Challenges, opportunities, and major milestones await Japan in 2019, notably the accession and enthronement of a new emperor in April. In addition, Japan will host the G20 Summit in Osaka, conduct a House of Councillors election, implement new National Defense Guidelines and a new foreign worker law, and start free trade negotiations with the Trump administration. Sheila A. Smith and Masahiro Kawai will join two panels of leading experts from academia, business, and the media to consider a broad range of political, economic, security, and societal issues likely to impact Japan and the U.S.-Japan alliance in the year ahead.

This event is cosponsored by the Japan-America Society of Washington DC with support from the National Association of Japan-America Societies.

Agenda

9:45 to 10:00 a.m.

Welcome Remarks

James L. Schoff, Abigail Friedman

10:00 to 11:00 a.m.

Priorities for the U.S.-Japan Alliance in 2019

Sheila A. Smith

11:00 a.m. to 12:30 p.m.

Japan’s Domestic Political and Economic Prospects in 2019

Mikio Sugeno, Hiroki Takeuchi, Yuki Tatsumi, James L. Schoff

12:30 to 2:00 p.m.

International and Asia Trade Dynamics in 2019

Masahiro Kawai

2:00 to 3:30 p.m.

Japan’s Foreign Policy, Asia, and the U.S.-Japan Relationship in 2019

Eric Altbach, Shihoko Goto, Toshihiro Nakayama, Matthew P. Goodman

Participants

Sheila A. Smith

Sheila A. Smith, an expert on Japanese politics and foreign policy, is senior fellow for Japan studies at the Council on Foreign Relations. Her current research focuses on how geostrategic change in Asia is shaping Japan's strategic choices. 

Masahiro Kawai

Masahiro Kawai is representative director at the Economic Research Institute for Northeast Asia and a professor in the Graduate School of Public Policy at the University of Tokyo. He previously served as deputy vice minister of finance for international affairs at Japan's Ministry of Finance.

James L. Schoff

James L. Schoff is a senior fellow in the Carnegie Asia Program. His research focuses on U.S.-Japan relations and regional engagement, Japanese politics and security, and the private sector’s role in Japanese policymaking. He is a member of the board of trustees of the Japan-America Society of Washington DC.

Matthew P. Goodman

Matthew P. Goodman is senior vice president, senior adviser for Asian economics, and holds the William E. Simon Chair in Political Economy at CSIS. He previously served as White House coordinator for Asia-Pacific Economic Cooperation and the East Asia Summit. He is chairman of the board of trustees for the Japan-America Society of Washington DC.

Abigail Friedman

Abigail Friedman is founder and CEO of the Wisteria Group. Previously, she was a senior adviser at the Asia Foundation where she led strategic engagement with Japan and advised on conflict-affected regions in Asia. She is interim president of the Japan-America Society of Washington DC.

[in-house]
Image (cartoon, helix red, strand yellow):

Mikio Sugeno

Mikio Sugeno is Washington bureau chief for Nikkei.

Hiroki Takeuchi

Hiroki Takeuchi is an associate professor of political science and director of the Sun & Star Program on Japan and East Asia in the Tower Center, at Southern Methodist University. Previously, he taught at UCLA and at Stanford University.

Yuki Tatsumi

Yuki Tatsumi is co-director of the East Asia Program and director of the Japan Program at the Stimson Center. Before joining Stimson, Tatsumi worked as a research associate at the CSIS and as the special assistant for political affairs at the Embassy of Japan in Washington. She is a member of the board of trustees of the Japan-America Society of Washington DC.

Eric Altbach

Eric Altbach is a senior vice president at the Albright Stonebridge Group. He previously served as deputy assistant U.S. Trade Representative for China Affairs, where he was responsible for Taiwan and China, with a particular focus on energy and environment issues.

Shihoko Goto

Shihoko Goto is the senior Northeast Asia associate at the Woodrow Wilson Center’s Asia Program. She spent over ten years as a journalist writing about the international political economy with an emphasis on Asian markets as a correspondent for Dow Jones News Service and United Press International.

Toshihiro Nakayama

Toshihiro Nakayama is a Japan fellow at the Woodrow Wilson Center’s Asia Program and a professor in the faculty of policy management at Keio University in Japan. He specializes in& U.S. Politics and Foreign Policy, U.S.-Japan Relations, and International Relations.